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Saturday, February 28, 2009
Once again, I can raise my hand. I do, I do!! I spent a good portion of today driving to various locations around town to pick up items that need to be at the Alternative Humane Society's annual meeting tomorrow (I'm on the Board). There is also a stack of boxes of promotional items for my business's upcoming trade show booth taking up space in my living room right now. My garage is full of things I'm keeping "to use later" or "to pass on to my kids... someday".
I'm an organizer... I should know better, right? Well, I'm also human.
We humans are sentimental creatures, for the most part. We like to hang onto things that have value, whether they're only valuable to us, or could be considered valuable on the general market. And we like to help out a friend or charitable cause when we can. That's all good and fine, until the storing of things starts to keep you from living the life you want to live.
If guests have to sleep on the couch because the guest room is crammed full of uncompleted projects and "stuff to look at", it might be time to actually take a look at all that stuff. Ask yourself if it's contributing to the life you want to live, or detracting from it.
If you have the space to store things for friends, great! But be realistic about the space that you have, and remember that it's ok to say no. Things have energy, and that affects your life. Moving, repackaging, sorting, and just keeping track of it all takes up your time and energy.
If you've accumulated valuable things over the years that you don't want to just throw away, check out Freecycle. You can find a Freecycle group in your own community. (Here in Bellingham, you can also participate in the Whatcom Potlatch gifting community.) Members post needs, or offer items they have. You may be surprised to find a perfect match for that obscure useful item that's been in your garage for 15 years.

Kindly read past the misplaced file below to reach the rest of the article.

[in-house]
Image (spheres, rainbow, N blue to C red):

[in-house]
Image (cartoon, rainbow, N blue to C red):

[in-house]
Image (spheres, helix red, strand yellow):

By all means, continue to be generous with the time and space that you have. But don't feel bad about setting limits!
Tuesday, February 10, 2009
Lately, I've been noticing some interesting things about my own home office: the amount of clutter that's actually there, and how I've tried to make it "invisible".
When you spend hours in a space every day, it's easier to stop noticing the way it is, and how it makes you feel. But whether you're consciously aware of it or not, the clutter is still there "like a splinter in your mind" (sorry, Matrix fan here).
Time for some honesty: the photo above is what I see, right now, when I swivel my desk chair around. Ok, so maybe it's not that bad. At least it's (mostly) in bins, right? The problem is, it's been there for weeks (ok, ok, more like months), and though I've shuffled things around, I haven't solved the problem.
I also find it really interesting that this clutter is positioned behind me in the room - right where I can't see it while I'm working at my desk. This tells me that subconsciously, I'm trying to get away from it, but the reality is, I can't. It's still there, and it's not going to go away all by itself, it's multiplying, and it's dragging me down with it!
Remember that commercial where people were dragging bathroom scales around with them, illustrating the idea of being "chained to the number on the scale"? That's how I feel... my clutter is clanging around behind me all day, getting in my way and hitting me in the ankles occasionally. That image is closer to the truth than we may like to imagine, because things really do have energy, and they really do affect our motivation, focus, and peace of mind.
I'm a very task oriented person. I get satisfaction out of crossing something off my list. So when I feel overwhelmed with lots of big irons in the fire, what do I tend to do? I create more projects! Smaller projects that can be done in a couple hours, or mindless tasks that don't really get me any closer to accomplishing my goals, but do provide a "quick fix" feeling of productivity.
My goal today is to clear out that "invisible" clutter lurking behind me in my office. I know it will make a big difference in how I feel, and in how much energy I have for tackling the projects that are really important to me.
How does clutter multiply in your life? Have you suddenly noticed "lurking invisible clutter" in your space? Share you experiences!